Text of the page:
That, in a nutshell, is what the AFL is all about and it's a great reason why everyone should be paying attention as the league's 18th season opens play on Tuesday. This year's performers could be next year's AL top rookie candidate (Andrew Bailey), NL top rookie possibility (Tommy Hanson) or a contributor to a postseason push (Eric Young Jr.).
There's no question all eyes will be on the Phoenix Desert Dogs, for more than one reason. Even with annual roster shifts, Phoenix will be aiming for its sixth straight AFL championship this fall, starting when the Desert Dogs host the Mesa Solar Sox at 12:35 p.m. local time.
"It hasn't come up yet, but I definitely can see myself letting them know," said A's pitching prospect James Simmons, who was on the 2007 championship Desert Dogs team. "They talked about it when I was here two years ago. They told us we had a reputation to uphold.
"That was the mentality. The manager let us know that everyone was out to get us. I think it helped me, to motivate me. When that championship game comes, you want to walk off that field knowing you're getting a ring. That's a good feeling."
There's likely to be more attention on Friday, Oct. 16, when the Scottsdale Scorpions travel to Phoenix Municipal Stadium for a night game at 6:35 p.m. That's reportedly when Stephen Strasburg, Washington National and No. 1 overall pick in the 2009 Draft, is scheduled to make his AFL debut.
It's not the first time a pitcher has gone basically from the Draft to the Fall League to make his professional debut (instructional league action aside) -- Brian Matusz and Jake Arrieta of the Orioles did it the past two years -- but none with the anticipation of Strasburg, who's heralded as one of the best pitching prospects to come via the Draft in history.
"I'm real fired up," said the Nationals' other 2009 first-rounder in Arizona, Drew Storen. "It was good to get back into the swing of things at instructs. Seeing Strasburg throw in person was pretty cool. Seeing the top level guys on my team here, I'm excited to play with them and to face some of the guys on the other teams."
Strasburg, Storen and Simmons won't be the only names worth watching in that Scottsdale-Phoenix game on Friday. Depending on how the lineup is set, there's a good chance Strasburg will pitch to the No. 5 pick of the 2008 Draft, Giants catcher Buster Posey. Posey has made a bee-line up San Francisco's system, making his big-league debut late this season. He spent a good amount of time watching in September, so he's hoping to make up for some lost at-bats while with the Scorpions, all while trying to perhaps prepare for a full-time job in the bigs in 2010.
"The decision for that is ultimately not my decision. I think I can help my decision with the way I play," said Posey. It's going to come down to how I perform and that's the way it should be."
"It was a good taste to see how guys go about their business," the prospect said of his time in San Francisco. "I'm excited to try and improve in the [Arizona Fall League]. There's great competition out here, so I'm sure it'll be a good thing.
"It's my job to prepare myself and try to become the best player I can."
As Posey works on his all-around game with perhaps the chance to be the Giants' Opening Day catcher next year, he'll get an opportunity to face first-round arms other than Strasburg and Storen. Mike Minor, taken by the Braves at No. 7 overall, will pitch for the Peoria Saguaros, making the Opening Day start on Tuesday against the Scorpions. He'll be joined on the roster by Mike Leake (No. 8, Cincinnati). They'll have top Braves prospect Jason Heyward leading their offense.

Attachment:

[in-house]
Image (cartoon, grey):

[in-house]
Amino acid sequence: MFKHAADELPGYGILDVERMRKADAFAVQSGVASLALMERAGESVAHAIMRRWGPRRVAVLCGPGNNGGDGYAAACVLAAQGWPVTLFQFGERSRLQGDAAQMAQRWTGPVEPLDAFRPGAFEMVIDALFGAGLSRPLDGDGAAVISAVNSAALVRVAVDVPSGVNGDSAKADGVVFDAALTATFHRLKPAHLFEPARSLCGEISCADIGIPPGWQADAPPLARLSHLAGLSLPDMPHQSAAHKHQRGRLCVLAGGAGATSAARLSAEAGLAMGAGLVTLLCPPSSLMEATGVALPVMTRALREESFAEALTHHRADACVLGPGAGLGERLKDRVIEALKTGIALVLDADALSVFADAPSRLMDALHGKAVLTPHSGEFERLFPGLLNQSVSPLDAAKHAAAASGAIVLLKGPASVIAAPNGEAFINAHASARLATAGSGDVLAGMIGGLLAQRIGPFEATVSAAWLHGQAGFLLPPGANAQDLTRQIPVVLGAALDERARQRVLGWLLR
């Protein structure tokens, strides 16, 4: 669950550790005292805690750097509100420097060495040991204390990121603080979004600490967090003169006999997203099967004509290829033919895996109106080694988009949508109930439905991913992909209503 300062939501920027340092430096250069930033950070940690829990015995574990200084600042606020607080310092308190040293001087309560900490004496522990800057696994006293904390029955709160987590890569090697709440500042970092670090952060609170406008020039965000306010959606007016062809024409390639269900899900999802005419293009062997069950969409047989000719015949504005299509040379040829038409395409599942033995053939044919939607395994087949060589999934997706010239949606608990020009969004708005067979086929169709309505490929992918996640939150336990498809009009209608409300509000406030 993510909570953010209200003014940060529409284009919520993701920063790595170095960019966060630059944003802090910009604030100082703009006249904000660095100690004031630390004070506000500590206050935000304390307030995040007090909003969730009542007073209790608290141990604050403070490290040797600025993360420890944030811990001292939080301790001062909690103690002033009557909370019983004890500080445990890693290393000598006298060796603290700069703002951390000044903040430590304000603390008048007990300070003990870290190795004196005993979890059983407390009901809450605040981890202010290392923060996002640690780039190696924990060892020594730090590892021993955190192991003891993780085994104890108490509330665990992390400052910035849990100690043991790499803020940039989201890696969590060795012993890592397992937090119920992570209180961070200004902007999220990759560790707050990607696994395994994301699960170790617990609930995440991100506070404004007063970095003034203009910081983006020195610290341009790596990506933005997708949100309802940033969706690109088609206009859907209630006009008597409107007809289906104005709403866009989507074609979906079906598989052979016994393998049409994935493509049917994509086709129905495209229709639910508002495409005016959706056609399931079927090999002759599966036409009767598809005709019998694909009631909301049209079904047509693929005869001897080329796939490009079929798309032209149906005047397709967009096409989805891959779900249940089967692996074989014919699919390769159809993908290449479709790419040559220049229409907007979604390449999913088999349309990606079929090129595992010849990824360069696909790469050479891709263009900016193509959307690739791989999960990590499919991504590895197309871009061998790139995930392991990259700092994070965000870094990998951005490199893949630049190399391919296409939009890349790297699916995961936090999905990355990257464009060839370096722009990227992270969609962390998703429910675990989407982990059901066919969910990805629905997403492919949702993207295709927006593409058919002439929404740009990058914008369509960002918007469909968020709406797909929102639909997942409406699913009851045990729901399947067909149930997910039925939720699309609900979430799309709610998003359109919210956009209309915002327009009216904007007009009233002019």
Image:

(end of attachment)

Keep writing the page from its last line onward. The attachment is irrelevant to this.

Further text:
"This appears to be an exceptionally strong class of Major League prospects," AFL executive director Steve Cobb said. "We will feature over 20 first-round Draft picks, several high-ceiling position players and the pitching depth is unmatched vs. previous years."
There are a couple of new wrinkles for the Arizona Fall League this season. The first is the presence of five Japanese pitchers, marking the first time non-MLB affiliated players will participate alongside of Major League prospects. Two pitchers -- Hiroshi Katayama and Toshiyuki Yanuki -- will pitch for the Desert Dogs. Three others -- Toru Murata, Ken Nishimura and Takanobu Tsujiuchi -- are on Scottsdale's roster.
The Fall League has long been a testing ground not only for players, but for new rules, procedures and, this year, equipment. The new Rawlings S100 helmet, designed to help protect hitters from head injuries.
"If it's about the safety of the players, then I'm all for it," said Reds prospect Yonder Alonso, who will suit up in the AFL as a member of the Peoria Saguaros. "Something like this could make us all a little bit better, because we're not going to be up there thinking about the dangers of getting hit by a pitch."
That could make for an even more interesting Arizona Fall League, a circuit already known for its friendliness toward hitters. It might be a developmental league, but once these professionals are between the lines, there's no question that while they'll be working on things, they'll want to win.
"That means more pressure, so that's good," said Storen, who will be available to come out of the Desert Dogs bullpen on Wednesday. "As relaxed as it is, we're going to want to win, especially to keep the tradition going. That's so impressive, with all those top guys on every team, to have won five in a row. It'd be even better to come out with six in a row, so hopefully that happens."
Jonathan Mayo is a reporter for MLB.com. This story was not subject to the approval of Major League Baseball or its clubs.